So where does this leave social’s major platforms? As the prime generators of a huge river of social data, some from which they will profit — and some from which they won’t. To a marketer — or social media investor — one of the strangest parts of the business is that pinboards on Pinterest, corporate Twitter feeds, and Facebook’s Timeline for Brands are all free, as is much of the data that these platforms spew onto the open Web. Jason Cormier, cofounder of Boulder, Colo.-based Room 214, notes that as Facebook apps are shared, they give marketers a window into a much broader circle than the people who have friended your brand. “It’s leveraging Facebook profile data outside of Facebook,” he says.
So money is changing hands in social marketing, just not always in directions that directly benefit its major platforms. “Social media by design creates efficiency, but it’s not free,” says Adam Kmiec of Campbell Soup Company.
The challenge for Facebook — and its rivals — is to figure out how much of that monetization can hit their own bottom lines. “Integration into every part of the Web is what’s going to make [Facebook] massively valuable,” says Germano.
Thus, marketers and investors should keep an eye on two recent developments that illustrate how Facebook is transcending its platform confines (and expects its rivals to do the same). One is the Facebook Ad Exchange (FBX), which launched in June. In partnership with a handful of demand-side platforms (DSPs), Facebook is now allowing marketers to target users within the platform, based on their behavior elsewhere on the Web.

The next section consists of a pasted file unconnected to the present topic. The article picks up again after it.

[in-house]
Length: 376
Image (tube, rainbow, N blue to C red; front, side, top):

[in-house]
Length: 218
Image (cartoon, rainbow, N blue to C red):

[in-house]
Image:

But the bigger, though still nascent, play for Facebook is an ad network that would let advertisers target outside of Facebook based on profile data. For now, Facebook Ads are only showing up on the Web site of Zynga, but observers expect that Facebook will develop the network at some point. You need only consider how many sites have implemented Facebook Connect to understand the possible reach of this initiative.
For marketers trying to come to grips with social marketing, development shouldn’t be looked at as something that will make or break the medium. Regardless of how social media companies perform on Wall Street, the social marketing genie is out of the bottle. And it doesn’t look like it’s going back in.